One of the most important museums in Barcelona is the Museu Nacional d’Art de Catalunya, which is more commonly known by its initials MNAC. As its name suggests, it is dedicated to exhibiting and promoting Catalan art, although some of the works of non-Catalan artists can also be seen there.
The museum opened in 1990, when the then ‘Llei dels museus catalans’ (the law of Catalan museums) pressed for the union of the former Museu d’Art de Catalunya (Catalan Museum of Art) and the Museu d’Art Modern (the Museum of Modern Art). Many venues were discussed when considering where to house this new museum, and eventually the Palau Nacional de Montjuïc was chosen, at the foot of Montjuïc. The building had been designed for the International Exhibition of 1929, and it’s worth a visit just to see the magnificent building itself.
The Museu Nacional d’Art de Catalunya’s permanent collections include various forms of art (sculptures, paintings, etchings, posters, crafts, prints and photographs) ranging from Romanesque to mid-20th century origin. In addition to these permanent collections there are usually temporary exhibitions on display, always related to Catalan art.
Tickets to visit the MNAC
Access to the MNAC with ArticketBCN Passport
The MNAC’s collection of Romanesque art is considered the most complete and relevant collections in the world, if perhaps not the most famous. In it you will find paintings, murals, woodcarvings and sculptures from the eleventh, twelfth and thirteenth centuries. In the majority of cases the works belong to the Romanesque churches in the Catalan Pyrenees.
The Gothic style is also of great importance and relevance to the MNAC, and it is represented by paintings, stone sculptures and craftsmanship in metals from the 14th, 15th and 16th centuries. Some of the most well-known artists are Jaume Cascalls, Pere Sanglada, Bernat Martorell and Jaume Huguet.
Renaissance and Baroque
Many of the works housed in the Museu Nacional d’Art de Catalunya that pertain to the Renaissance and Baroque eras belong to private collections, as is the case of the Thyssen-Bornemisza Collection and the Cambó.
The MNAC also houses works ranging from the beginning of the 19th century to the middle of the 20th century, by some of the most important artists of the time such as Fortuny, Gaudí, Casas, Rusiñol and Picasso.
A total of approximately 135,000 coins, notes and medals that date from the 6th century BC to the present day can be found in the Numismatics collection of the MNAC. Some of the coins are incredibly rare and the pieces of Catalan origin are of particular interest, especially locally where numismatics seems to be a popular hobby.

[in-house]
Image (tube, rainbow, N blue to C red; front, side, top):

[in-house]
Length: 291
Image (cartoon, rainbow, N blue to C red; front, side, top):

Drawings, prints and posters
In the area of the MNAC devoted to drawings, prints and posters, you will find works by leading artists such as Ramón Casas and Marià Fortuny.
To define the photographic collection at the Museu Nacional d’Art de Catalunya with one word, the adjective would have to be ‘outstanding’. With examples dating back to when photography was first invented, to styles such as neorealism and photojournalism, there really is something for everyone in this exhibition.
As well as its magnificent works of art, the MNAC also has the bonus of offering some of the most incredible views of Barcelona from its terraces. From there you will see clearly the Avinguda de la Reina Maria Cristina and the mountain of Montjuïc, as well as many more distant buildings which form part of the city’s iconic skyline.
The entry price of the MNAC is rather high, but it does allow you two visits to the museum’s permanent collection for one month following the date of your first entry. There are also discounts of 30% for groups, students and the unemployed. It’s also worth noting that entry is free every Saturday from 15:00 and also the first Sunday of every month (but note that the museum only opens in the mornings on Sundays). It’s also free to enter on 11th and 24th September, as well as for children under 16 and senior citizens over the age of 65, as well as for accredited teachers and school groups.
Palau Nacional (Parc de Montjuïc), Barcelona.
From 1st October to 30th April (winter opening hours): from Tuesday to Saturday from 10:00 to 18:00, Sundays and public holidays from 10:00 to 15:00.
From 1st May to 30th September (summer opening hours): from Tuesday to Saturday from 10:00 to 20:00, Sundays and public holidays from 10:00 to 15:00..
Closed every Monday (except public holidays), and on 1st January, 1st May and 25th December.
General admission: 12.00€ (valid for two days).
Discounts: Students, unemployed, groups and accredited large families.
Free entry: Under-16s, senior citizens over the age of 65. Free entry for everyone on Saturdays after 15:00, and on the first Sunday of each month, as well as on 11th and 24th September, on the Santa Eulàlia’s Day on 12 February and on the Dia Internacional dels Museus (the International Museum Day) on 18th May.
Access just to the terraces: 2.00€.
How to get there
Metro: España (lines 1 and 3).
Buses: lines 9, 13, 27, 37, 50, 55, 65, 79, 109, 150, 165, D20, H12, V7 and tourist bus.
On foot: you can easily arrive on foot if you’re in the Poble Sec area of the city.